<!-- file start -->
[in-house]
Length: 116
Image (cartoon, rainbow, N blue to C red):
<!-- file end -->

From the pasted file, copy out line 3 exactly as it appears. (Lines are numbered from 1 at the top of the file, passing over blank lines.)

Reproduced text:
Image (cartoon, rainbow, N blue to C red):